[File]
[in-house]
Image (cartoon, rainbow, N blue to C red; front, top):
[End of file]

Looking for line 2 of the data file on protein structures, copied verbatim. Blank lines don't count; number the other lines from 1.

Image (cartoon, rainbow, N blue to C red; front, top):